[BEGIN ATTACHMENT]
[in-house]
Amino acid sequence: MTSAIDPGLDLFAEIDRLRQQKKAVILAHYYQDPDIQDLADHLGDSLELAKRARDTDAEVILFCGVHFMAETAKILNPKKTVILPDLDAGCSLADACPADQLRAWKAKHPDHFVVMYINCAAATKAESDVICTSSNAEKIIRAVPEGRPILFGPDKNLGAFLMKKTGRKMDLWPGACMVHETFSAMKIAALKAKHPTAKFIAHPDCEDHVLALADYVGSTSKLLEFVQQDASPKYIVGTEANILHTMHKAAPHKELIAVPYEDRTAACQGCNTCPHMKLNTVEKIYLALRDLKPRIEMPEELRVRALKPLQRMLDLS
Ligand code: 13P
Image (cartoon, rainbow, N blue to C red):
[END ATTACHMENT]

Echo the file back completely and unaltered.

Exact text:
[in-house]
Amino acid sequence: MTSAIDPGLDLFAEIDRLRQQKKAVILAHYYQDPDIQDLADHLGDSLELAKRARDTDAEVILFCGVHFMAETAKILNPKKTVILPDLDAGCSLADACPADQLRAWKAKHPDHFVVMYINCAAATKAESDVICTSSNAEKIIRAVPEGRPILFGPDKNLGAFLMKKTGRKMDLWPGACMVHETFSAMKIAALKAKHPTAKFIAHPDCEDHVLALADYVGSTSKLLEFVQQDASPKYIVGTEANILHTMHKAAPHKELIAVPYEDRTAACQGCNTCPHMKLNTVEKIYLALRDLKPRIEMPEELRVRALKPLQRMLDLS
Ligand code: 13P
Image (cartoon, rainbow, N blue to C red):